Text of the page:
Wednesday, August 9, 2017

THE REAL WEIRD WEST: The US Camel Corps Part 3

   March 1855, Secretary of War Jefferson Davis got $30,000 from Congress to import camels for exploration of the western frontier of the United States.  Two men, Henry Wayne and David Porter (Hank and Dave), traveled abroad and brought back with them about 35 of the beasts, landing in Indianola, Texas in May of 1856. The US Camel Corps was born.
   Or should've been. Almost was, let's say.
   The Texans were damn impressed with the exotic creatures and proposed feats to test the animals' supposed strength and endurance. For the three weeks that Hank and Dave and the herd was there, the boys obliged the town, having the camels lift and parade and kneel on command. Indianola was so taken, a man wrote a poem for the Indianola Bulletin (damned if I can find it) and a woman named Mary Shirkey knitted a pair of socks out of camel hair for President Pierce. It's even said Hank sent those kickers on to his old pal Jefferson Davis, who sent them to the Man himself.
   Then came time to march the camels to Camp Verde, nearly 200 miles off. It was there the Army would begin their experiments in earnest, to discover just how well the camel might serve to fully claim the unknown frontier.
   But here was the thing: Why not get more camels, while the getting was good? Things were still fresh, Hank and Dave were excited, the locals were excited and they'd spent less than $10,000 of their 30K. In reply to the boys' letters of jubilation at their own progress, ol' Jefferson dashed off a word:


Sounds like it's going gangbusters. I say we go get more o' them sumbitches. I mean, camel socks and poems? That's fantastic news! Strike while the iron's hot, I say. We got the dough, we got the drive. Let's get it done.


   For whatever reason, someone reached out to Captain Crosman to come with (remember now, ol' George's original report had set all this off over a decade before) but again, probably still pissy, he said no. They asked the boys, obviously, but Hank was eager to show off the herd, so they sent Dave instead. Dave and a man named G.H. Heap, who'd been on the original voyage, but in the background, so we didn't pay him any mind. We still won't.
   Besides which, there ain't much to say for that second trip, anyway. It went fine. They departed late summer '56, landed in the Levant November '56, got their camels and turned around. Arrived home to Texas February of '57 with 40-odd camels in tow. They ran up to Camp Verde to join the others and now, the US Camel Corps was over 70 monsters strong.
   Now, while Mr. Heap and Dave had been away the last five, six months, Hank had been experimenting the hell out of the animals. He'd been marching them all over the area, short trips and long, measuring their loads and training the camp's personnel to tie the loads and manage the creatures. But he was worried.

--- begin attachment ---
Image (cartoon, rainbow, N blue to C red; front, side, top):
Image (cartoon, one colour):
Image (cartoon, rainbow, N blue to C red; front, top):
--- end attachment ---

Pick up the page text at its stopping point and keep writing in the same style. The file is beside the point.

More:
He didn't have all the authority he wanted (he was just a staff officer, basically an administrator) so he couldn't boss the other soldiers proper, plus, (the politics of the time being what they were) he was thinking ol' Jefferson Davis wasn't long as Secretary of War. He expressed his concerns December of '56 and by February '57, had been called back to Washington.
   He was then relieved of his duties as unofficial head of the unofficial US Camel Corps. It was, after all, still 'an experiment.' Man named Captain Innis Palmer then took Hank's place and would stay in charge there, until the South invaded the camp in '61, during the Civil War.
   And Hank called it for friend Jefferson. March of '57, he was out as Secretary of War and Johnny Floyd was in. Floyd was a big fan of the experiment though, and end of '58, '59 and '60 he proposed to Congress that 1,000 camels be imported for use as service animals in the US Army. He was promptly and consistently ignored.
   Meanwhile, the camels were there and they were damned useful. The Army split the herd and moved them around between '57 and '61 or so, base to base, camp to camp. And these groups bred and grew. But it was hard going. Horses hated 'em, their Arab handlers were scorned and the soldiers and locals just didn't take to the animals.
   Sometimes, hostlers in a given camp just turned them loose to get rid of 'em. Still other times, folks come around and paid up nice to get their hands on a few. It wasn't what the government expected or even wanted but, little by little, the real 'experiment' was underway.
   Camels were ending up all over the place and - as camels do - adapting like hell to it.

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